Library of Congress getting Bataan interviewsJanuary 11th, 2013 at 4:00 pm by Bill Diven under Latest Posts
Interviews with three New Mexicans connected to the World War II battles at Bataan and Corregidor will become part of the Library of Congress permanent collection, Sen. Tom Udall’s office announced today.
Two of the interview subjects are Bataan survivors: Pedro “Pete” Gonzalez and Bill Overmier. The third is retired Lt. Gen. Edward Baca, a past New Mexico National Guard and National Guard Bureau who is a spokesman for the Survivors of Bataan.
A total of 1 1/2 hours of interviews were recorded with portions used in “Bataan: A 70th Anniversary Commemoration” produced by New Mexico PBS and first broadcast on PBS stations around the county on Memorial Day 2012. The Albuquerque-based production was a companion to a national PBS documentary “Tragedy of Bataan.”
About 1,800 New Mexico National Guardsmen were deployed to the Philippines shortly before World War II broke out and were part of the U.S. and Filipino forces stationed on Corregidor Island and the Bataan Peninsula during the Japanese invasion. When U.S. forces surrendered a few months later, most of the New Mexicans were defending the Bataan Peninsula.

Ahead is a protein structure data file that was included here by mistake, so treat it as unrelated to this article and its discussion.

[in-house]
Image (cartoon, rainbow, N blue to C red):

The forced march of survivors to prisoner of war camps became known as the Bataan Death March.
Only half of the New Mexicans survived the battles and their captivity, and many more died from their injuries and infirmities after being liberated three years later.
“The people of the United States are forever indebted to the service and sacrifice of those who suffered at Bataan,” Udall, D-N.M., said in a statement released by his office. “The events at Bataan have great historical significance, but the number of survivors who can share what happened there is rapidly dwindling.
“The addition of these interviews into the Library of Congress will help to ensure that their heroic stories are not forgotten.”
Also involved in the Library of Congress submission is the Oasis Veteran’s History Project, a New Mexico partner in the national Veterans History Project focused on preserving the first-hand oral history of World War II veterans.
The New Mexico PBS interviews required a waiver for inclusion by the Library of Congress because the three veterans were interviewed together instead of being individual stories as normally required.